Garden Makeover: A Condo's Petite Patio Becomes a Desert Oasis

tucson patio
The Acacia tree and umbrella provide shade. Balfour Walker
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    Small Yard, Big View

    tucson patio
    Everything was designed to take in the view. Balfour Walker

    While the desert view beyond the low walls of John and Sara Long's condominium in Tucson, Arizona, goes on for miles, the couple's actual yard is a limited 1,000 square feet. Built in the 1970s, the couple bought the condo around 2008 as a second home when they fell in love with the area after their daughter started attending nearby University of Arizona. Residents of coastal Washington, they were attracted to the warm climate, desert hues, and proximity to the school.

    Landscape designer Kathryn Prideaux of  Prideaux Design was fully capable of tackling the project: her background includes designing all-inclusive interiors for luxurious Lear jets. She can pack a punch into a small space. Prideaux is a fan of Midcentury modern design, especially ceramist/artist Eva Zeisel, and infuses the fluid shapes, forms, colors, and sensibility into many of her designs—something unusual for the Southwest.



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    spa on patio
    The spool is a water feature and a small pool. Balfour Walker

    "The Longs had quite a wish list!" says Prideaux. On that list for a new yard: an outdoor retreat with a spool, a fire pit, outdoor kitchen, dining area, living room/deep seating space, lounge/sunning area, and a bench for taking naps. "They weren't concerned with how much space they have, but how that space would be used."



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    Before: Lost in the 1970s

    before photo of yard
    The yard was nice but in need of an overhaul. Kathryn Prideaux

    When she consulted with the Longs, Prideaux took a look at the mostly hardscaped yard of their 1970s-built townhome. With shared walls on both sides and a few neglected cactus (yes, that can happen) the space was in dire need of a remodel. It was evident that previous owners tried to repair the existing flagstone patio, but it was poorly patched and in sad shape. A built-in bench and planter that ran along the back wall also needed to be torn down.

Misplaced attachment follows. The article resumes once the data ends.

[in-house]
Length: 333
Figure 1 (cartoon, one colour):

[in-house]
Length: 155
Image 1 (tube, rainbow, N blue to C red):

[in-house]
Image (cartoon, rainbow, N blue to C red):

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    Prideaux's Plan View

    plan view of garden
    Prideaux's plan view shows details for the remodel. Kathryn Prideaux

    Located in Tucson's Ventana Canyon, the condo is part of the Golf Villas development. Sometimes referred to as patio homes, yards of this type of home are mostly concrete or hardscape and, in this case, overlook a golf course.

    The existing patio was about 24 x 48 feet, with the overall backyard measuring just under 1,000 feet. In addition to their wish list, the Longs wanted to watch the golfers on the course (which meant no high walls) and keep a mature mesquite tree, which helped to provide shade for the yard. Prideaux presented the Longs with a complete remodel—a modern interpretation of a traditional hacienda—and they were on board. 

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  • 05 of 18

    The Jewelbox Project

    water feature
    A closeup of the waterfall feature in the spool. Balfour Walker

    The Longs provided multi-colored fabric as inspiration for the space that included turquoise, light blue, oranges, reds—a vibrant palette that intensifies the soft hues of the surrounding landscape. The small size of the project and the beautiful colors contained within became known as the Jewelbox Project.

    Recipient of an APLD 2011 International Merit award, Prideaux's design has garnered lots of praise. After she completed the Longs' landscape, two other homeowners in the development enlisted her design services.

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    Design Strategy

    desert garden design
    Textures and materials echo the natural landscape. Balfour Walker

    Prideaux describes the design process for this project as similar to "putting the pieces of a thousand-piece puzzle together on a tiny tray table." Her solution came from the shared use of space: the spool's walls also define the adjoining outdoor rooms. Each space functions separately but can be enjoyed at the same time.

    "The centerpiece of the design is the pool," says Prideaux. Both literally and figuratively. "We had to think about the setback requirements of the pool from the two next-door properties, so the pool was centered in the space."

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  • 07 of 18

    Low, Wide Bowls

    desert landscaping
    Low, colorful bowls hold succulents. Balfour Walker

    Since space was limited and the designer was working with several activity zones, plants were incorporated into the design via colorful pottery and include healthy, sculptural succulents and cactus.

    Walls and divisions of the space were kept low, allowing guests and their conversations to flow freely. Accessories like these colorful, low, wide bowls are also placed strategically, mindful of not obstructing views.

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  • 08 of 18

    Working with Walls

    outdoor dining table
    The table includes a built-in bench. Balfour Walker